Eyjafjallajokull: Iceland’s Infamous Volcano
Situated in the south west of Iceland, Eyjafjallajokull is an 800,000 year old volcano with an almost unpronounceable name that was thrust into the limelight when it erupted in 2010… causing an ash cloud that grounded aviation in the northern hemisphere . Get this geological fact facts on this fascinating force of nature
Eyjafjallajokull is reckoned to be the oldest active strato volcano on the island. By comparison, Hekla is a mere infant at just 8800 years of age.
Ice-capped Eyjafjallajokull (the name is made up of three parts: eyja = island, fjall = mountain and jökull = glacier) is topped by a crater, whose rim rises to 1666 metres in height from the coast, which is just a few kilometres from its base. Shrouding the volcano is an ice field 75 km² in area and 50-200 metres thick but thicker in the summit crater, from where Gigjokull (crater glacier) drops over 1000m in a steep and deeply crevassed icefall to the valley floor north of the volcano. By all standards it is a beautiful and shapely volcanic cone, a landmark visible from afar that is made all the more impressive by its glaciers.
Eyjafjallajokull normally stays out of the limelight and is less known and less active than other Icelandic volcanoes, its last eruption occurring in 1821-23. Perhaps this is because historically Icelanders have been much more in awe and fear of its powerful neighbour, Katla, whose eruptions at roughly 50 year intervals under Myrdalsjokull, a much larger and thicker icecap, provoke widespread flooding on the coastal plains. But, what made the Icelanders jittery on this occasion is that Katla is long overdue and can be triggered by activity on Eyjafjallajokull. Katla last blew in 1918 provoking a flash flood of 200,000 cubic metres of muddy, swirling melt water per second – to give you an idea of the scale of it that’s twice the average flow of the Amazon at its mouth. Icebergs the size of houses were seen floating at sea.
Timeline of the eruption on Eyjafjallajökull: March - April 2010
Shortly before midnight on March 21st, a 500-600 m long fissure stretching north east to south west opened up on the north-eastern flank of Eyjafjallajokull on the ice-free Fimmvorduhals ridge, which divides this icecap from Myrdalsjokull its 560 km² neighbour to the east. The eruption site lies close to a spectacular summer walking route that connects Skógar on the coast with the Thorsmork Valley.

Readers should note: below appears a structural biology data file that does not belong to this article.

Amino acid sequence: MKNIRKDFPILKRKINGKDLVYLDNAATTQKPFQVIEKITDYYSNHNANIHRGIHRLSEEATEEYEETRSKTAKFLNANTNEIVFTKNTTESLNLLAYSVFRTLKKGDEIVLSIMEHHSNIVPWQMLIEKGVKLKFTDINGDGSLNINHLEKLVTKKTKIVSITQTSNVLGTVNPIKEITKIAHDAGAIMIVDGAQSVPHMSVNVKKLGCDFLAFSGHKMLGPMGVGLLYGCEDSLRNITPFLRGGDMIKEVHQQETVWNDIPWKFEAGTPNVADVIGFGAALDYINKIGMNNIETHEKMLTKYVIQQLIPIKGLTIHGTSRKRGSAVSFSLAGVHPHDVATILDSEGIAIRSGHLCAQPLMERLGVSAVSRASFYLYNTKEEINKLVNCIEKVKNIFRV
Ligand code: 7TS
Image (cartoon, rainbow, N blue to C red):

The early stage of the eruption produced 10-15 spectacular lava fountains, which later concentrated into just five, the highest reaching 150 m above the vent. A curved wall of scoria and lava lumps began to pile up west of the fountains, while to the east, the wall is lower.
A small mountain rising to 150 m in height has accumulated around the vents. Viscous, slow-flowing basalt oozed from the vents, advancing like a sluggish avalanche at its margins but forming glowing rivers where the gradient steepened.
On March 30th, the lava flow area covered about one sq km and had split into two branches, each spilling off the ridge into the gaping gullies that are a special feature of the landscape of this deeply eroded area. These spectacular lava falls have provided some of the most amazing photographic images of the eruption.
At 19.00 a new 400 m long fissure opened up west of the first one, from which several lava fountains emerged. As the area is snow-covered, columns of steam rise from the lava accompanied by steam explosions.
The original fissure stops erupting but the second site remains active. Two main and two subsidiary vents continue to emit substantial amounts of lava, forming lava rivers that tumble off the cliffs into the Hvannárgil gorge, far below. A number of earthquakes, measuring 2,0-3.5 on the Richter scale have been noted and may signal a new eruption pattern.
The second fissure has stopped erupting but earthquake activity in the feeder channel suggests that a further eruption may be imminent.
At around 04.00 in the morning another fissure opened but this time on the summit caldera of the volcano at a distance of about 8 km from the first eruption site. Here the ice is 200-300 m thick and by 09.00 it was clear that an explosive eruption was under way. Because of the interaction between magma and ice, only tephra was produced. On this first day flash floods occurred twice, discharging around 1,500-2,000 cubic metres per second of melt water – a fairly modest flood by Icelandic standards and equivalent to the volume of around 10 average homes. Flooding damages the main road around the island, closing it to traffic.
North-westerly winds drive the ash plume eastwards and as ash falls on farmland along the south coast 800 inhabitants are evacuated from the area. Drainage ditches are filled with ash washed down in the flooding and farmers are concerned about how they will manage the clean-up.
The ash plume drifts towards Europe and Scandinavia as more and more countries ban flying. The road continues to be closed to all but essential traffic. Spectacular displays of lightening continue to be witnessed in the ash plume above the eruption site.
Lava is seen at the eruption site, perhaps signalling a reduction in the explosive stage of the eruption and an end to the ash cloud. The inhabitants of Reykjavík continue to be slightly bemused by all the media attention as they and 95% of the rest of the rest of the island have been unaffected by the eruption and apart from flight disruption it is business as usual! They are looking forward to a busy summer season as visitors flock to the island to see the eruption site once things calm down again.